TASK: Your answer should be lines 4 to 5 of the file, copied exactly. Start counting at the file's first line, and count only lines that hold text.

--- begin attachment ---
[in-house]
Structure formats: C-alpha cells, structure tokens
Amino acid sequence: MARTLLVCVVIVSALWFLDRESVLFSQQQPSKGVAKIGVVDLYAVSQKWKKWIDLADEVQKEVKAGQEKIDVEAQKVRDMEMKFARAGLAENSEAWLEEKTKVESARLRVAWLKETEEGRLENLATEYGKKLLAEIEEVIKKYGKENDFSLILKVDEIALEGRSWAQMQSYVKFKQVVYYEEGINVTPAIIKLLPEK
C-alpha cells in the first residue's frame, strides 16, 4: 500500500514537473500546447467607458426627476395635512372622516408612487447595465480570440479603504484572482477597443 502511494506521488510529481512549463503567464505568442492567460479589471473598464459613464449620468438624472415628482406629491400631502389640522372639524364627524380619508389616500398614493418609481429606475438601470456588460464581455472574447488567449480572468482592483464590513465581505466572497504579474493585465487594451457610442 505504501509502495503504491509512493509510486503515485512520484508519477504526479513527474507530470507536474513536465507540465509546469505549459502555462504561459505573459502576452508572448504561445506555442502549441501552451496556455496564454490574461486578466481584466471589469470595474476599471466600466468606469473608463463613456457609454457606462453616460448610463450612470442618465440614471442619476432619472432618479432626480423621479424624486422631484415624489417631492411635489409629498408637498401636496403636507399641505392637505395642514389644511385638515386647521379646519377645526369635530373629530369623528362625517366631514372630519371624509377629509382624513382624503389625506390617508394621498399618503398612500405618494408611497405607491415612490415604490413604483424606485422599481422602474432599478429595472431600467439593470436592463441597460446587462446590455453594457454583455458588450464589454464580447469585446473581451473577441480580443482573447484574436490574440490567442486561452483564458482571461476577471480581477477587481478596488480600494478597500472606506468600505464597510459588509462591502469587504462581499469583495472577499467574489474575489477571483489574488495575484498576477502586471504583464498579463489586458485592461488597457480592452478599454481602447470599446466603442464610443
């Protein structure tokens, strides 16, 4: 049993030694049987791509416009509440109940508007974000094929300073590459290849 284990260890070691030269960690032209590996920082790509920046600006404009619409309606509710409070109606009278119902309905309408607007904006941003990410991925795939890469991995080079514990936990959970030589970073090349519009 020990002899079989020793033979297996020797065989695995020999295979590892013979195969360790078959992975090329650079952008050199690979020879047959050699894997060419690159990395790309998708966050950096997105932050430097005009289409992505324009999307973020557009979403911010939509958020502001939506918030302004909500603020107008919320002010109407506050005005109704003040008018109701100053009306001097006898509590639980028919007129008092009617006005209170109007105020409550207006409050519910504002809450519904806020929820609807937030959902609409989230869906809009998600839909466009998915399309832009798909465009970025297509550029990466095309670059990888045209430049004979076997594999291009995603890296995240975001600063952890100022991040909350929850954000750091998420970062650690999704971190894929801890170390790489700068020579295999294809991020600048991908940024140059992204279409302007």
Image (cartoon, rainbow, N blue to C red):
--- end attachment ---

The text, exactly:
C-alpha cells in the first residue's frame, strides 16, 4: 500500500514537473500546447467607458426627476395635512372622516408612487447595465480570440479603504484572482477597443 502511494506521488510529481512549463503567464505568442492567460479589471473598464459613464449620468438624472415628482406629491400631502389640522372639524364627524380619508389616500398614493418609481429606475438601470456588460464581455472574447488567449480572468482592483464590513465581505466572497504579474493585465487594451457610442 505504501509502495503504491509512493509510486503515485512520484508519477504526479513527474507530470507536474513536465507540465509546469505549459502555462504561459505573459502576452508572448504561445506555442502549441501552451496556455496564454490574461486578466481584466471589469470595474476599471466600466468606469473608463463613456457609454457606462453616460448610463450612470442618465440614471442619476432619472432618479432626480423621479424624486422631484415624489417631492411635489409629498408637498401636496403636507399641505392637505395642514389644511385638515386647521379646519377645526369635530373629530369623528362625517366631514372630519371624509377629509382624513382624503389625506390617508394621498399618503398612500405618494408611497405607491415612490415604490413604483424606485422599481422602474432599478429595472431600467439593470436592463441597460446587462446590455453594457454583455458588450464589454464580447469585446473581451473577441480580443482573447484574436490574440490567442486561452483564458482571461476577471480581477477587481478596488480600494478597500472606506468600505464597510459588509462591502469587504462581499469583495472577499467574489474575489477571483489574488495575484498576477502586471504583464498579463489586458485592461488597457480592452478599454481602447470599446466603442464610443
């Protein structure tokens, strides 16, 4: 049993030694049987791509416009509440109940508007974000094929300073590459290849 284990260890070691030269960690032209590996920082790509920046600006404009619409309606509710409070109606009278119902309905309408607007904006941003990410991925795939890469991995080079514990936990959970030589970073090349519009 020990002899079989020793033979297996020797065989695995020999295979590892013979195969360790078959992975090329650079952008050199690979020879047959050699894997060419690159990395790309998708966050950096997105932050430097005009289409992505324009999307973020557009979403911010939509958020502001939506918030302004909500603020107008919320002010109407506050005005109704003040008018109701100053009306001097006898509590639980028919007129008092009617006005209170109007105020409550207006409050519910504002809450519904806020929820609807937030959902609409989230869906809009998600839909466009998915399309832009798909465009970025297509550029990466095309670059990888045209430049004979076997594999291009995603890296995240975001600063952890100022991040909350929850954000750091998420970062650690999704971190894929801890170390790489700068020579295999294809991020600048991908940024140059992204279409302007």